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Well, some actors are squared away.

Members of the 70,000-strong American Federation of TV and Radio Artists have voted 62.4 percent in favor of ratifying the contract its leaders cooked up in May with the Alliance of Motion Picture and TV Producers, which represents major studios and networks.

"Today's vote reflects the ability of AFTRA members to recognize a solid contract when they see it," union president Roberta Reardon said in a statement, adding that the agreement, which only involves a handful of prime-time shows, followed an "unprecedented disinformation campaign aimed at interfering with our ratification process."

While the result was expected to be in favor of the new three-year deal, the pending vote had caused a schism among members of the still-talking Screen Actors Guild, some of whom—such as Tom Hanks and Alec Baldwin—signed an online petition urging AFTRA to go for it, while others—including Jack Nicholson and Holly Hunter—encouraged the smaller, less powerful union to hold fast with its mightier brethren.

And still others—namely George Clooney—wanted the two to work together in favor of the little guy, aka working actors who barely command bus fare, let alone $20 million per project. About 44,000 of AFTRA's members also belong to SAG, which boasts nearly 120,000 members.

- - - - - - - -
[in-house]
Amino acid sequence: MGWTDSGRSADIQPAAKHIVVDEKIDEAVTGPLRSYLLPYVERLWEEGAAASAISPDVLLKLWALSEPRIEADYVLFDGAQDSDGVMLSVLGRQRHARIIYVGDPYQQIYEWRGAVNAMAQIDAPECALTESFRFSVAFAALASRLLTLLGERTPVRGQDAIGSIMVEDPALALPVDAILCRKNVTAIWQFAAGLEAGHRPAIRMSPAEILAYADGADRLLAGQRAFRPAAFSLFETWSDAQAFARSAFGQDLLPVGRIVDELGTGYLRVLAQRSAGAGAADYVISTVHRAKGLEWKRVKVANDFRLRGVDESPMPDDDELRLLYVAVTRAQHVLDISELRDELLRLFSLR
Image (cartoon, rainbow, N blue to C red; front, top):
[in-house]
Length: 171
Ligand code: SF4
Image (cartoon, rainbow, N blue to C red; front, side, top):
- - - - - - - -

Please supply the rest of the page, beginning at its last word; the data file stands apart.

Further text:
"Clearly many [SAG] members responded to our education and outreach campaign and voted against the inadequate AFTRA agreement," SAG President Alan Rosenberg said in a statement following the vote Tuesday.

"We knew AFTRA would appeal to its many AFTRA-only members, who are news people, sportscasters and DJs, to pass the tentative agreement covering acting jobs. In its materials, AFTRA focused that appeal on the importance of actor members' increased contributions to help fund its broadcast members' pension and health benefits."

Meanwhile, SAG is still begrudgingly mulling over the latest deal proposed by the AMPTP, which executive director Doug Allen has said is not up to snuff when it comes to residuals from online content and DVDs—a major grievance that stuck in the Writers Guild of America's craw when it embarked on a 100-day strike.

Both AFTRA's and SAG's previous deals expired on June 30. The smaller union opted to negotiate separately from SAG this year, prompting speculation that it was planning to quickly acquiesce to the studios' terms.

The terms of the AFTRA deal reportedly mirror those arrived at between the AMPTP and the WGA and the Directors Guild of America, as well as the key points the alliance presented to SAG last week.

The AMPTP, which has said it will not be discussing further changes to its proposal, announced Tuesday that an upcoming sit-down with SAG has been scheduled.

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